Asda proposed a 6,131m2 food store, of which 2,415m2 would be used for the sale of convenience goods. Tesco proposed a 5,564m2 store, of which 2,212m2 would be used for the sale of food and convenience goods. Both lay in out-of-centre locations. The council argued that both schemes should be permitted to meet a quantitative and qualitative need and maintained that they would not undermine town centre vitality and viability. This approach was criticised by Somerfield Stores, which alleged that there was insufficient need.
The inspector recognised that a significant proportion of the population travelled to stores further afield. This increased the need to travel and was socially divisive, she held. Retaining more of the spending power in the town's catchment area was desirable and either store would be capable of clawing back lost expenditure, she reasoned.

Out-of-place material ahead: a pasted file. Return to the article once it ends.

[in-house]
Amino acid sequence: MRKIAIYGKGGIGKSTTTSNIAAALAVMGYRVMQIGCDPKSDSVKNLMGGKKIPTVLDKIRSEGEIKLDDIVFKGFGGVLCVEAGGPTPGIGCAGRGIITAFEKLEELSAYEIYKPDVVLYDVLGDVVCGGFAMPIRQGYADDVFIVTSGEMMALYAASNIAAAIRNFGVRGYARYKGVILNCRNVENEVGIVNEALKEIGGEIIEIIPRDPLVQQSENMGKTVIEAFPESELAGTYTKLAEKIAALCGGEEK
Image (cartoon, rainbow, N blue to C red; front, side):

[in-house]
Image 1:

She expressed doubts about the stores' ability to effect substantial changes in the way people shopped and to this extent found that the full extent of the quantitative need was not fully proven. However, she agreed that there was a strong qualitative need for additional and improved shop provision. A large and modern store would provide additional choice and competition, she held.
She agreed that the impact on the town centre would lead to readjustment in trading patterns, which would be greater for shops selling similar goods such as a Co-op store. However, despite the lack of scope for linked trips, she judged the overall impact acceptable.
Both applications involved employment land. In the inspector's opinion, the Asda proposal conflicted more fundamentally with policy since it lay on a planned business park. In contrast, the Tesco proposal involved the redevelopment of a predominantly vacant industrial site. The secretary of state endorsed her conclusion that the balance of advantage lay in approving the Tesco application.
DCS Number 100-064-444
Inspector Mary O'Rourke; Inquiry